* Disable firewall on laptop if necessary:
 +
<source lang="bash">
 +
    $ sudo ufw disable  
 +
</source>
  
By using the foundation ROS interface layer, the robot can be controlled and programmed in any Programming Language that supports ROS.  This has led to a number of user-created interface libraries in different languages.  In addition, the Python Baxter Interface provides a Python Class-based interface library, which wraps many of the ROS interfaces in Python Classes.
+
* Turn off the Ubuntu Network-Manager to prevent interference:
 +
* Go to the Networking Icon drop-down menu in the top-right of the Desktop.
 +
* Make sure 'Enable Networking' is '''unchecked''' (if checked, select the option in the menu to disable)
  
=== ROS Interface ===
+
* Check status of eth0:
The ROS Interface is the foundation upon which all interaction with the Baxter Research Robot passes through and all other interface layers are built upon. The ROS layer is accessible over the network via any of the standard [http://wiki.ros.org/Client%20Libraries ROS Client Libraries] such as [http://wiki.ros.org/rospy rospy (Python)] or [http://wiki.ros.org/roscpp roscpp (C++)].
+
<source lang="bash">
 +
    $ ifconfig eth0  
 +
</source>
 +
''You should not see any IP addresses under 'inet'.''
  
*; [[API Reference|ROS API Reference]]
+
* Use Avahi to designate an IP address to eth0 (do not close the terminal after running avahi-autoipd):
*: The ROS API describes the base interface layer for direct access from the command line or any language.
+
<source lang="bash">
 +
    $ sudo avahi-autoipd eth0 
 +
</source>
  
=== Python Interface ===
+
* Make sure an IP address is successfully claimed. eg:
The Baxter SDK also offers a Python API via the <code>baxter_interface</code> module.  This module wraps the ROS Interfaces in component-based Python Classes.  The SDK Examples are written using this library in order to demonstrate how to use the robot interfaces.
+
<source lang="bash">
*; [[Robot Interface|Robot Interface Overview]]
+
    Found user 'avahi-autoipd' (UID 104) and group 'avahi-autoipd' (GID 111).
*: Gives a basic introduction to each class and component in the Python interface library 'baxter_interface'.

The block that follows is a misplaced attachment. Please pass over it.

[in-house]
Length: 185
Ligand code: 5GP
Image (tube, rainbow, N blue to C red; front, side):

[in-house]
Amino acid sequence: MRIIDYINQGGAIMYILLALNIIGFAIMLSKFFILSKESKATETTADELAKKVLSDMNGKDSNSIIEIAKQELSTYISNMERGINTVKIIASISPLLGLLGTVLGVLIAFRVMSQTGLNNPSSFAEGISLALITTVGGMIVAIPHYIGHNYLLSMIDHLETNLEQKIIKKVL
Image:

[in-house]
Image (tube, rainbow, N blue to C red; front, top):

+
    Successfully called chroot().
 +
    Successfully dropped root privileges.
 +
    Starting with address 169.254.8.16
 +
    Callout BIND, address 169.254.8.16 on interface eth0
 +
    Successfully claimed IP address 169.254.8.16
 +
</source>
 +
''Keep this Terminal running in the background.''
  
*; [http://api.rethinkrobotics.com Code API]
+
* Open a '''New Terminal''' to continue.
*: View the generated Python Code API docs for the baxter_interface module.
+
* Find the local hostname of the robot by running avahi-browse:
  
 +
<source lang="bash">
 +
    $ avahi-browse -a -r 
 +
</source>
 +
    The default local hostname of the robot is the [[Serial Number]] followed by local. Ex: '011303P0017.local'.
 
</div>
 
</div>
  
 
<div class="content-block">
 
<div class="content-block">
  
== Robot Hardware Foundations ==
+
== Troubleshooting ==
  
To learn more about what sensors and motors are on the robot and how to use them, see:
+
See the [http://www.ros.org/wiki/ROS/NetworkSetup ROS Network Setup Guide] for common ROS network issues and helpful debugging steps to check your base ROS connectivity.
* [[Hardware Components|Sawyer Components]]
 
When you have run through the Installation procedures and you've established communication with your robot, it is time to start getting familiar with the SDK interface.  This page will walk you through the basics of using the SDK.
 
  
 
</div>
 
</div>

Revision as of 15:42, 13 January 2017

The Sawyer Research Robot uses ROS to communicate with the user's Development Workstation. This requires an ethernet network to be established between Sawyer and the Workstation with full bi-directional connectivity. If you have trouble connecting to your Sawyer, see this page for our Recommended Network Setup and other common network debugging steps.



Confirm that Sawyer is running in SDK mode on the robot

In order to network with the robot, be sure that the robot is in SDK mode. You can confirm this by booting the robot and seeing this image on the screen:


Sawyer SDK Robot Screen.png


If you boot the robot and it is running Intera, please follow these instructions to update the robot.

Basics

These Network Configuration settings are available in the Field Service Menu (FSM)

Basic Requirements

Sawyer must be connected to a development workstation which uses ROS over an ethernet network to communicate bi-directionally.

Sawyer's hostname can be configured using the Field Service Menu (FSM) if you do not like the one given out at the factory which matches its serial number.

Network address assignment

Sawyer supports IPV4 addressing for the following network configurations:

  • Automatic address assignment (“Automatic” mode)
    • If a DHCP server is present in the network, the DHCP server automatically assigns a network address to the robot, and may (or may not) assign a DNS server for host name resolution.
    • If no DHCP server is present, the robot will use the Autoip protocol to assign itself a link-local address in the 169.254.0.0/16 address block.